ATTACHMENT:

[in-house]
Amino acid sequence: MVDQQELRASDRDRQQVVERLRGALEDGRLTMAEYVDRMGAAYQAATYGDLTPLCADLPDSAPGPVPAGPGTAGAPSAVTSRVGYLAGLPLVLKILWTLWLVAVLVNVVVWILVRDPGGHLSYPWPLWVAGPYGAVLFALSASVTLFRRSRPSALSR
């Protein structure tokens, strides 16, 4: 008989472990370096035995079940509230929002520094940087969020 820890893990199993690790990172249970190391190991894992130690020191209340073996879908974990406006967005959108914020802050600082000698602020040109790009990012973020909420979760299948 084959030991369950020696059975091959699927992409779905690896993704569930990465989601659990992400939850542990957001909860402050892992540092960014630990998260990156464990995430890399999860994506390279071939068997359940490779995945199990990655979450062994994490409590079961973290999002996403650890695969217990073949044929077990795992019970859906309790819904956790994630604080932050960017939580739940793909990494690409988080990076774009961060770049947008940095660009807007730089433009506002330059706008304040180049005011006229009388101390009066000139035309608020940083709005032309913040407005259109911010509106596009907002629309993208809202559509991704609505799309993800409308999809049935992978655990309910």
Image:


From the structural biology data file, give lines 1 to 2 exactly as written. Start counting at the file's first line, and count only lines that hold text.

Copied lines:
[in-house]
Amino acid sequence: MVDQQELRASDRDRQQVVERLRGALEDGRLTMAEYVDRMGAAYQAATYGDLTPLCADLPDSAPGPVPAGPGTAGAPSAVTSRVGYLAGLPLVLKILWTLWLVAVLVNVVVWILVRDPGGHLSYPWPLWVAGPYGAVLFALSASVTLFRRSRPSALSR